June 8, 2022
On March 17, 2022, JICA Ogata Sadako Research Institute for Peace and Development (JICA Ogata Research Institute) held a seminar in conjunction with the Ministry of Youth and Sports of the Government of South Sudan and the University of Juba to commemorate the publication of a Project History book entitled “Peace and Unity Through Sports: South Sudan’s First ‘National Unity Day’ and Its Inaugural Olympic Participation,” which was hosted at the university.
An unstable social situation had persisted in South Sudan due to conflict and violence, but in 2016, JICA and the Government of South Sudan held the first National Unity Day, a national sport event, with the aim of bringing people together through sports. The book’s author, Furukawa Mitsuaki (currently a professor at the University of Shizuoka), was appointed as the chief representative of JICA South Sudan Office in November 2014, and was involved with organizing this event. In the book, Furukawa explains the background of the repeated conflicts in South Sudan and the significance of sports events in peacebuilding efforts.
At the outset of the seminar, Yamanaka Yoshifumi, a representative of JICA South Sudan Office, and Abraham Kuol Nyuon, dean of the School of Social and Economic Studies of the University of Juba, delivered the opening remarks. Yamanaka noted that athletes who participated in National Unity Day, as well as those who were involved in running the event, were able to feel a sense of unity and form new friendships, and that through sports, positive change has been brought about at an individual and social level. He then called for South Sudanese youth to participate in the sports events to promote peace and social cohesion among communities. Following Yamanaka, Abraham stated that universities are places where there is no segregation, and after graduation, those who studied at the university should become leaders who can bring the people of South Sudan together, therefore, the introduction of peace through sports programs is a great initiative. He concluded by stressing that academics and sports are avenues for citizens to make their country a better place to live.
After the opening remarks, Furukawa took the stage to introduce the content of the book. Furukawa noted that at the time, many civilians had been killed in conflict, and there was a sense of distrust toward the government. However, when he saw people enjoying playing soccer together—regardless of their different ethnic backgrounds—in the midst of conflict, he was convinced that a sports event would enhance the sense of national unity, and this sparked the movement for holding the National Unity Day. Although the first National Unity Day was held peacefully in 2016, conflict relapsed, and he had started to give up on the idea of sending athletes to the Olympics, which would be held in Rio de Janeiro that same year. Then-JICA President Kitaoka Shinichi commented to Furukawa, who had felt discouraged, that it was precisely because of this situation that they needed to bolster the unity and self-esteem of the South Sudanese people through the Olympics, which are a symbol of peace. Furukawa, who reaffirmed the importance of sports through that remark, continued to work with the local people. Following the Rio de Janeiro Olympics, the first time for South Sudan to participate, the country was also able to send a team of athletes to the Olympics held in Tokyo in 2021. He closed his speech by stating that “When we play sports, everyone has to put down their guns for a moment. Let's switch from fighting with guns to fighting through sports, and compete together for peace!”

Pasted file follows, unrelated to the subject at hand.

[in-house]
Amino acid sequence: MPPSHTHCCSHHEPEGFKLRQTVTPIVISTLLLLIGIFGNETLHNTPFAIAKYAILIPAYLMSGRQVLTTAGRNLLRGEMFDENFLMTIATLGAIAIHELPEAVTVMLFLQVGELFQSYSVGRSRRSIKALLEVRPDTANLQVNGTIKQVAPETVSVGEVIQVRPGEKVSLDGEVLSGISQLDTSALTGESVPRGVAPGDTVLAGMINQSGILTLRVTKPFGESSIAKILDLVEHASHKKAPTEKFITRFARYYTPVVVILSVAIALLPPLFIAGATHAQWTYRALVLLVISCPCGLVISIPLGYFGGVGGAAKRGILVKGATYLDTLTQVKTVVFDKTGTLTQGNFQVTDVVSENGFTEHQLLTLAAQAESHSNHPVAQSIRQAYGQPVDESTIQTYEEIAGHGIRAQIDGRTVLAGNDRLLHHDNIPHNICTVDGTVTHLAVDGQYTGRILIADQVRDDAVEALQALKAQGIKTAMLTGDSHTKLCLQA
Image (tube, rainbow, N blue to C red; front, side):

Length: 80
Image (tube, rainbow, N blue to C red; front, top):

For the panel discussion, which was moderated by Abraham, Edward Settimo Yugu, director general of the Ministry of Youth and Sports, Joseph Omirok, the coach for the Olympic team, Edmond Yakani, civil society activist and Furukawa joined as panelists. They engaged in a lively discussion about the meaning of National Unity Day and Olympic participation for South Sudan, as well as future challenges and how to deal with them. During the Q&A session, participants expressed various questions and opinions. One of the participants commented that although the South Sudanese delegations for track and field and soccer are performing brilliantly, the environment for sports on the ground is still faced with a difficult situation, and the government needs to play a substantial role in ensuring that more young people have opportunities to play sports.
Finally, Martin Logo, lecturer at the University of Juba, closed the seminar by stating that this was an excellent opportunity to mutually affirm the value of sports and we should continue our part in creating a better society through the promotion of sports.